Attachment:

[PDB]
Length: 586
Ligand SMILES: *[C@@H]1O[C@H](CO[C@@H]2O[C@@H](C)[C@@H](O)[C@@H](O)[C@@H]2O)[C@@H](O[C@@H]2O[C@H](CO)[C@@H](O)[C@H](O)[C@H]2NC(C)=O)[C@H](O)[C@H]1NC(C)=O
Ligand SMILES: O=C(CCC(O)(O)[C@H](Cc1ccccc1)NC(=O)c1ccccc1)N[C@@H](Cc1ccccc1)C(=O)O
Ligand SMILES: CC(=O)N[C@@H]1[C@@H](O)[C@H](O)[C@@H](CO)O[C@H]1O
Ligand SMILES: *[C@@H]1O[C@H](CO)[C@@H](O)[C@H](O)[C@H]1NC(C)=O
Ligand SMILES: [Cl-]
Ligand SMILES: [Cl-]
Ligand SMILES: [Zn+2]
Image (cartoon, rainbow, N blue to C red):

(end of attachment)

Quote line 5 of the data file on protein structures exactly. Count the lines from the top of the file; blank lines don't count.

Ligand SMILES: CC(=O)N[C@@H]1[C@@H](O)[C@H](O)[C@@H](CO)O[C@H]1O